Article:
The Capitals core group is still in its mid 20s and will probably stay that way for several more years as several players in the team's farm system expected to be brought up in the next year or two.

All four of the teams that are still playing in the Stanley Cup playoffs have a core that is older and more experienced then the Caps.

Leonsis, George McPhee and Bruce Boudreau have all stated publicly that they are frustrated with the current lack of playoff success and they want to find out why they have been unable to carry the team's regular season success into the playoffs.

Alex Ovechkin has even said he is going to find a new way to train this offseason because he feels the training regimen he has been following isn't properly preparing him for the rigors of the long season.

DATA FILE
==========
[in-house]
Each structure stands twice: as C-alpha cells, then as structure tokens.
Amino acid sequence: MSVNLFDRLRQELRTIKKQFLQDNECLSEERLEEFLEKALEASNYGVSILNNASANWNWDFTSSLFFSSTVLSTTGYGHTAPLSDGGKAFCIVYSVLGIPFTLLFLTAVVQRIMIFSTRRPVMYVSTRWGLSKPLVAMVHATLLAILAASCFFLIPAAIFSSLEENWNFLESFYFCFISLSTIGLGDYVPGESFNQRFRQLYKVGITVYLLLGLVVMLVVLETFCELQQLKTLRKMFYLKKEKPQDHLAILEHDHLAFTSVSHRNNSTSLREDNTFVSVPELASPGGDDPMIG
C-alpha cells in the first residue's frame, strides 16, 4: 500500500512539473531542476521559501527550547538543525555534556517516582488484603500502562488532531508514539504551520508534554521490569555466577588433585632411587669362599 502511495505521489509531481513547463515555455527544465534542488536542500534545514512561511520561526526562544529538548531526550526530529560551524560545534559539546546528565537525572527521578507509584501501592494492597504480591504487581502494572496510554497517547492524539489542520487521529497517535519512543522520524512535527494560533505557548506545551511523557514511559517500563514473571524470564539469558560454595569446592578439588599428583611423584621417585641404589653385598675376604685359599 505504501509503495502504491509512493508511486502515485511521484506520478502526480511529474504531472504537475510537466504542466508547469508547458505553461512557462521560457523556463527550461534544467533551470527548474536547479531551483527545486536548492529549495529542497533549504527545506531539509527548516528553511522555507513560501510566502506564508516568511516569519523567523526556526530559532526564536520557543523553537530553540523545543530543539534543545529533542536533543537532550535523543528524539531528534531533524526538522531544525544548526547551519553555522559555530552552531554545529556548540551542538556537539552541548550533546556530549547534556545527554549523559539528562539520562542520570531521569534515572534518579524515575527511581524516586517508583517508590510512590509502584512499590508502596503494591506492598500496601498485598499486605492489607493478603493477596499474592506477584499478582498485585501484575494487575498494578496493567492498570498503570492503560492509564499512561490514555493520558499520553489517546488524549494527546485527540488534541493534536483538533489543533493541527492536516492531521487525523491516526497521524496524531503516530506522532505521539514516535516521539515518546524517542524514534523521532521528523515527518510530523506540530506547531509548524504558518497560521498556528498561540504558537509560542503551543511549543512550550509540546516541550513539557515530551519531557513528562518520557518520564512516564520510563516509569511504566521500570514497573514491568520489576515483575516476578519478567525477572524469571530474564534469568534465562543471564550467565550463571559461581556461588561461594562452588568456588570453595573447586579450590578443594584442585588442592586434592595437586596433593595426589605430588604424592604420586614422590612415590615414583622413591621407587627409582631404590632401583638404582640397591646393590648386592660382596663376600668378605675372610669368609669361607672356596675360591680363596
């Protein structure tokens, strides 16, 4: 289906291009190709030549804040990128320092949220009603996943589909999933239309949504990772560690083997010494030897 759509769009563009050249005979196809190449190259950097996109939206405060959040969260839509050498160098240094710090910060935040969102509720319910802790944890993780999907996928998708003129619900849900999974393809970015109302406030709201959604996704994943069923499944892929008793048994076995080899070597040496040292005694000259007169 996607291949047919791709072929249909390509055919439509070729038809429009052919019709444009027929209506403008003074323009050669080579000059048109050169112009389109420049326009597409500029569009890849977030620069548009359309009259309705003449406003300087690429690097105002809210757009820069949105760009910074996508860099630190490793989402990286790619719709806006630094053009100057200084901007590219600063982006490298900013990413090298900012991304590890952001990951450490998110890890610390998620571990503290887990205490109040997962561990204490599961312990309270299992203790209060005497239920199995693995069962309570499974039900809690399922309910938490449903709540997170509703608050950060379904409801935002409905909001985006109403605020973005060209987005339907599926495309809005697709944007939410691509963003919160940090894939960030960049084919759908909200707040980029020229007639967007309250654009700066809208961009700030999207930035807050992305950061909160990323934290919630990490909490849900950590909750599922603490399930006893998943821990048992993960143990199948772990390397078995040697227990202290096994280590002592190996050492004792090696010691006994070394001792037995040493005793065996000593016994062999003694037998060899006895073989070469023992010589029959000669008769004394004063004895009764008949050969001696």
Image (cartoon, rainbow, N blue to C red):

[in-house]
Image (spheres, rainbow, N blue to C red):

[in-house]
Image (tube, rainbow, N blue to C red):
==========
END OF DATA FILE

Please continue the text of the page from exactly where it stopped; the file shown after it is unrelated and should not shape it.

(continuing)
What else do any of these guys need to say?

The organization knows it has underachieved so far and they need to figure out why. However, local radio hosts like Sheehan insist that stating this is a slap in the face to the fans.

The only slap in the face is fans and media members constantly attacking an organization that has worked so hard to become currently the most competative of the four major franchise's in the DC, Maryland, Virginia area.

Radio hosts like Sheehan need to sit back and think about words uttered by George McPhee during HBO's 24/7 series leading up to this past years Winter Classic.

"When you're losing all the experts come out, and the fact of the matter is if any of them knew anything about the game they would be in it."

Well said, George.

Tuesday, May 17, 2011

Caps Red Line Nominated for an Emmy Award

Per the Washington Capitals Media Relations Department: